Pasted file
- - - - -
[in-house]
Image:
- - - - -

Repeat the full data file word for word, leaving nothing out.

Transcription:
[in-house]
Image: